Caverton helicopters is grappling with serious financial distress resulting in mass exodus of its staffers, including pilots, The Press Nigeria.
The Press Nigeria understands that the grievances which led to the mass exodus of Caverton helicopters’ staffers and pilots sterns from several months of unpaid salaries as well as operational challenges the company has been undergoing for sometime now.
Sources revealed that in the last three months alone starting from November 2021, Caverton helicopters lost about 20 of its best pilots to industry rival, OAS Helicopters, which The Press Nigeria, gathered, allegedly offers better salary and financial benefits and welfare for its pilots and staffers.
OAS Helicopters reportedly won ExxonMobil Offshore aviation contract and has been poaching experienced pilots from Caverton helicopters with mouth-watering offers to service their new clientele.
Trouble began for Caverton Helicopters, a subsidiary of Caverton Offshore Support Group PLC (COSG), when it started delaying payment of staff salary, most especially the pilots who are critical to company’s operations.
It moved from delay in salary payment to outright owing of pilots’ salaries for months according to our reliable sources.
Due to the financial crunch the company is currently going through and attendant safety concerns as a result of non-payment of staff salary, Shell Petroleum Development Company, the major client of Caverton helicopters recently suspended its multimillion dollars contract until the team from the international oil company is satisfied that Caverton is back in good financial state.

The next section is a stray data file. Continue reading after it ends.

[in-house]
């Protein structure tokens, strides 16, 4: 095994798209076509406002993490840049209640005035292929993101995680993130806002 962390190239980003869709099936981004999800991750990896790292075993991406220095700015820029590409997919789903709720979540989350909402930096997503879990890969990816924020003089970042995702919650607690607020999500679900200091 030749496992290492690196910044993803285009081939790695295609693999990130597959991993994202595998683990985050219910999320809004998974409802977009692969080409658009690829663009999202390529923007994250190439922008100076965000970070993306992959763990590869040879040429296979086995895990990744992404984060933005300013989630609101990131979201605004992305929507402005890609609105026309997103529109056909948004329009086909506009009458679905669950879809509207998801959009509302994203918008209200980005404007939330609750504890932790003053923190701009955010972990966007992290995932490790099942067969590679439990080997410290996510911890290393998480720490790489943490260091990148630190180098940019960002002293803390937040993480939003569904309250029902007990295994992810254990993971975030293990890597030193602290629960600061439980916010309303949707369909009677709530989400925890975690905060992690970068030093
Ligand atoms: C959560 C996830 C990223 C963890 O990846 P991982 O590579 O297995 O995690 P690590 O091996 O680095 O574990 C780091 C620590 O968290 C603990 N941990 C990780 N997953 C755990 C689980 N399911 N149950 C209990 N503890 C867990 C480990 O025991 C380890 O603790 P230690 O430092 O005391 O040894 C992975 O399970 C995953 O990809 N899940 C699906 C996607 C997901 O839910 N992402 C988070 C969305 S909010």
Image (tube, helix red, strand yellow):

A source who is a top industry leader alleged that there is a mismanagement problem at Caverton because the company is run as a family business with scant regard for corporate governance.
Caverton Helicopters reportedly exposed to political risk.
The family of Chief Remi Makanjuola who owns Calverton is said to have been entangled in Lagos politics which is now rubbing off on his major investment that is now run by his children.
His son, Niyi Makanjuola, Chief Executive of Visionscape, was at the centre of the controversial N50bn Cleaner Lagos Initiative project with Lagos State Government under the Akinwunmi Ambode’s administration.
“Caverton is not finding things easy and I must let you know that they have lost a large chunk of their pilots to OAS.
“The problem may be around mismanagement because there is no reason why a company handling a Shell contract that is worth over $1bn dollars should be in the kind of financial quagmire Caverton is currently in.
“For over four months now, they cannot hire new pilots to replace those that left. This is a major red flag for a company that is working with Shell, an IOC that does not joke with health and safety. Everything in oil exploration and production is about HSE. It did not come to anyone as a surprise that Shell suspended Caverton’s contract,” the source said.
When contacted to confirm the veracity or otherwise of the status of Caverton’s contract with Shell, Communications, Media and NGO Relations Manager for Shell companies in Nigeria, Bamidele Odugbesan, said it was true that Caverton helicopters was going through a kind of operational audit.